India Closer To Developing it's own "Eye in the Sky"
|The video of the Embraer Test Flight with DRDO Radar|
|The Embraer EMB-145 aircraft which will be modified to suit India's Eye in the Sky|
India amid challenging neighborhood, already participated in four wars with Pakistan, including one undeclared war and one war with China since the partition in 1947, as well as many border skirmishes and military stand-offs. Additionally, India has accused Pakistan of engaging in proxy wars by providing military and financial assistance to violent non-state actors. So India is pulling all it's resources to update and to equip it's defence forces with the Modern warfare. India is following a two prong approach, buying from the world players through defence deals with various countries and producing in-house by developing the skill bank and industry. The indiginizing effort now a days gained good momentum even though not up to the required extent. LCA tejas , Kaveri Engine , Medium Combat Air Crafts etc. are at various stages of development.
In th urge to develop advance technology in-house , India has moved a step closer to developing it's own Airborne Early Warning and Control System.
An airborne early warning and control (AEW&C) (or more commonly and historically an AWAC) system is an airborne radar system designed to detect aircraft at long ranges and control and command the battle space in an air engagement by directing fighter and attack plane strikes. AEW&C/AWAC units are also used to carry out surveillance, including over ground targets and frequently perform C2BM (command and control, battle management) functions similar to an Airport Traffic Controller given military command over other forces. Used at a high altitude, the radars on the aircraft allow the operators to distinguish between friendly and hostile aircraft hundreds of miles away.
India’s indigenous Airborne Early Warning & Control System (AEW&C), which is being built on a modified Embraer EMB-145 aircraft in Brazil, made its first flight on Dec. 6, as part of its first flight in Embraer facilities at Sao Jose dos Campos in Brazil, with about 1,000 mission system components provided by [the Defense Research Development Organization’s] Center for Airborne Systems. AEW&C aircraft are capable of detecting enemy aircraft or UAVs and relaying information to ground bases. The most critical mission systems component is the active, electronically scanned array radar developed by DRDO. The Indian AESA radar is the primary sensor for the indigenous AEW & C.
Various Laboratories and Firms Involved
The MISSION COMMUNICATION SYSTEM (MCS) for internal and external communication
The radar can look 240 degrees within a short time and has a range of 350 km; it can track more than 500 targets simultaneously. The DRDO is spearheading the indigenous AEW&C programme with the CABS as the nodal agency. The latter is executing it in association with DRDO laboratories such as the LRDE; the Defence Avionics Research Establishment (DARE), Bangalore; the Defence Electronics Research Laboratory (DLRL), Hyderabad; and the Defence Electronics Application Laboratory (DEAL), Dehradun. Each of these laboratories is developing subsystems for the AEW&C programme.
“The flight is a major milestone toward realizing the dream of [an] indigenous Airborne Early Warning and Control System, which will put India into a select club of countries,” said V.K. Saraswat, scientific advisor to the defense minister and DRDO chief .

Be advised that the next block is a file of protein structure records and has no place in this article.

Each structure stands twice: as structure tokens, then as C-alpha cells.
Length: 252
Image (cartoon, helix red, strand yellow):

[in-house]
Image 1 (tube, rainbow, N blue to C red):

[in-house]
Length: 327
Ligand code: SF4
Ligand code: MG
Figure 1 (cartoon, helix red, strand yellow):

Meanwhile, the Indian air force (IAF) is interested in acquiring two more Airborne Warning and Control System (AWACS) aircraft based on the Russian IL-76 platform and the Israeli Phalcon AWACS Radar. India currently has three AWACS aircraft and will receive two more by the middle of next year, while AEW&C aircraft will now undergo a full certification process over the next two years. In May 2009 , India received it's first AEW&C aircraft Phalcon.
“Here, the mission systems developed by various DRDO labs will be integrated with these aircraft,” Saraswat says. “Currently, these systems are undergoing ground integration and evaluation ... in Bengaluru.” Two of these systems will be delivered to the IAF after detailed test and evaluation by 2013.
There are two levels of operation here. In the first, the aircraft is modified in Brazil and the DRDO sent all the components, including the antenna, the AAAU with dummy electronics, and so on for integration with the aircraft. M/s Embraer Engineers mounted them on the aircraft and configured it for the flight. Embraer's engineers also received the air-worthy certification for the aircraft from the Agencia Nacional de Aviacao Civil, the Brazilian agency responsible for overseeing the safety of civil aviation in that country. In the second level, when the three aircraft with the Indian AEW&C systems are delivered in India after flight trials in Brazil, the remaining mission systems will be integrated inside the cabin and the IAF will do the flight trials again. The CABS will be responsible for having the AEW & C system certified for mission functions and flight safety in association with the IAF and the Centre for Military Airworthiness and Certification (CEMILAC), Bangalore.
Ground Test Rig - Except the actual flying conditions (like vibration, altitude, pressure, etc), remaining all can be simulated here
Massive facilities that the CABS has built on its premises include an anechoic chamber, a lightning test facility, and highly accelerated life testing (HALT) and highly accelerated stress screening (HASS) facilities. The anechoic chamber is a huge shielded facility, 35x15x18 metres. The AESA radar is tested here. In the lightning test facility, artificial lightning of four million volts is created to test the effect of lightning on aircraft and ensure that the electronics inside are not affected.
For more Details - Visit CABS Official Website